We’re creating process flow maps, identifying inefficiencies in the current process flow so that those don’t make it into the automation. All the steps in this data analysis stage should be with the goal of defining requirements, setting up the parameters, and creating a decision-making framework for the next steps in the assessment process. At this point, we can usually take a look at our product mix. We should have that data and we can what I like to call a reality check question.
How to decide when using automation is worth it
We have what I refer to as our own version of the Pareto Principle, and that’s a rule of thumb that usually only makes sense if 80% of the customer’s product mix can be captured and automated. Anything less than that requires a much healthier business case, and usually the remaining 20% or less can be pushed to some sort of manual or semi-automatic solution, something that can handle maybe a lower throughput or rate.
Traditionally, this meant a chaotic product mix or a high variation low volume product mix, we’d struggle to make a case for the automation for that. The complexity of the required automation would price out most customers. However, the math can often be much simpler than this, and usually starker.
The question isn’t whether automation makes a good business case. It’s more of an existential question is do we automate or do we die? There are a few reasons why a company would be asking themselves that question. Some clients we’ve come across are in what I’d call a labor desert, towns with a couple thousand people that don’t typically offer a constant pool of labor resources. If the task at hand falls into one of those five D’s, you’re going to find labor that’s not really willing to do that anymore.
Sometimes, a bigger player enters the market, there’s a big warehouse that moves in down the street and starts to siphon off the labor pool and suddenly you’re shorthanded. It can be hard to convince workers to work in one of those five D environments when they could potentially make more down the road at a desk job. Another common story is a small company suddenly finds its product in high demand.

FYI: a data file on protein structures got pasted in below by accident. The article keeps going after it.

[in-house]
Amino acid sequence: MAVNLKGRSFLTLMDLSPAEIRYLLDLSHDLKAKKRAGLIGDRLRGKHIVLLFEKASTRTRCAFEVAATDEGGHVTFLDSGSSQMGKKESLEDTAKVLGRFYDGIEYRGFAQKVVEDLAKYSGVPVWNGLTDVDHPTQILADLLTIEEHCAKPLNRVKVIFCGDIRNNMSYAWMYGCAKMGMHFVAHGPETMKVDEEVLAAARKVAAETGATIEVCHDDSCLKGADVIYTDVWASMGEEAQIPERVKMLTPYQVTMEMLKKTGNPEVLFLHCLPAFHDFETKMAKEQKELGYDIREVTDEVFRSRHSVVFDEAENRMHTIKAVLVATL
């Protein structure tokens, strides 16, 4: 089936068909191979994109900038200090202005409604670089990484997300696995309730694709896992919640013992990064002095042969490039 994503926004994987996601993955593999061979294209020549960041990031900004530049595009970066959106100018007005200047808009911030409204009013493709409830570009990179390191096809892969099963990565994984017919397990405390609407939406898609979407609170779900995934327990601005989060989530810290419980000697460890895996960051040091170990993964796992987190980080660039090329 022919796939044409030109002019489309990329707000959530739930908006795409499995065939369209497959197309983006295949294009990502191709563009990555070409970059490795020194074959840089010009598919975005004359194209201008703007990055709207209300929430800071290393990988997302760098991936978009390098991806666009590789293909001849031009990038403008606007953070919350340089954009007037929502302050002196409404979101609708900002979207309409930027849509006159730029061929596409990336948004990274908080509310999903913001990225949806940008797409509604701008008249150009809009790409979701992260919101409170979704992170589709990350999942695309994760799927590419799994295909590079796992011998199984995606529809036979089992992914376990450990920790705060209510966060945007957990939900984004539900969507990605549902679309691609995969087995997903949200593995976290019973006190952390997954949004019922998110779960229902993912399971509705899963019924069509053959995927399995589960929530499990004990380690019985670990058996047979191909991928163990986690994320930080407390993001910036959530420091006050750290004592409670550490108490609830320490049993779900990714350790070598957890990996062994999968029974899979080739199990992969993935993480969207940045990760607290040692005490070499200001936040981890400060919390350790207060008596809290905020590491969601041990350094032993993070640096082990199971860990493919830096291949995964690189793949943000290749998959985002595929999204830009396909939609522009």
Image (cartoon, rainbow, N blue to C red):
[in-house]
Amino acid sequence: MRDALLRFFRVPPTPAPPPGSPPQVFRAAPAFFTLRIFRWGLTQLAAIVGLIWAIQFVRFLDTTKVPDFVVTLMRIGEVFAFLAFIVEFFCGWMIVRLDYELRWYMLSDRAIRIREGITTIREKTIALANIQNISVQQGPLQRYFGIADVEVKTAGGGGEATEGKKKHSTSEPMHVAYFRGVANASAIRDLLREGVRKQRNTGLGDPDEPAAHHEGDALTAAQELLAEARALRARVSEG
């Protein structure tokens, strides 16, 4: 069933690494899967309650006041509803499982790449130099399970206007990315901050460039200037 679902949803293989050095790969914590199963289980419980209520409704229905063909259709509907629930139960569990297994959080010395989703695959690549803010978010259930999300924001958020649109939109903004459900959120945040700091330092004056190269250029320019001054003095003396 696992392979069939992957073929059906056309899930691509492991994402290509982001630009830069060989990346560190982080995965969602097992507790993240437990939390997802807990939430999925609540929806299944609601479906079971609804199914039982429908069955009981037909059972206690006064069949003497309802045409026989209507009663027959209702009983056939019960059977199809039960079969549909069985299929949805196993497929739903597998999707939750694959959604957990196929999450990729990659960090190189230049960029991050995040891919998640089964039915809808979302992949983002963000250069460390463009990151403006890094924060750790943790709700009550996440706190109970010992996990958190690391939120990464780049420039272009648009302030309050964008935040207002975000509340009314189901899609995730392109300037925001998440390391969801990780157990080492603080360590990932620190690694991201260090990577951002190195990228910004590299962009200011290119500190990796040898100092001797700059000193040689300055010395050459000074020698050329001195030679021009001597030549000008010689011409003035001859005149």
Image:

Suddenly, the need to go from a mom-and-pop shop to a manufacturing powerhouse. So in order to make parts, or more parts, the natural solution is to hire more people. That’s not always possible, so automation is required to fill that gap. And lastly, if a close competitor has made that automation leap, sometimes the only solution is to do so yourself in order to keep up.
At this step, we’re kind of getting into the trying to figure out if we need to redesign the part prior to automating. At this point, we’re analyzing the process for inefficiencies. The main thing we don’t want to do is automate a bad process. A pretty simple math calculation here. Automating a bad process makes you more capable of making bad parts faster, so in order to avoid that, the best process we’ve found is a brainstorming and concept development phase. Brainstorming usually broken up into a number of rounds.
How to brainstorm about possible automation use
We have an “anything goes” round where anything and everything is recorded as a possible solution. No idea is a bad idea at this stage. Anything goes. Then we had our kind of an editing round where we remove the bad or infeasible solutions. This is usually dictated by the data you collected and analyzed in the previous stages.
Then you start to bring the customer into it. Those first initial rounds are internal, you try to keep it with the small group, then you bring the customer into it so they don’t see all your bad ideas. We have some collaborative brainstorming with the customer, whittle down the options to a select view and say, “These are the ones that we want to either investigate for research or enter the pricing phase.”
During these phases, we’re asking some pretty standard questions. What are all the possible ways to make the part or the assembly? What steps in the process can be automated and which should be automated? If it can’t be fully automated, is there a semi-automatic halfway-there solution? If there’s not a good automation case, can we give the operator some tools to make their job produce more quality parts, make it more ergonomically friendly or just push throughput up?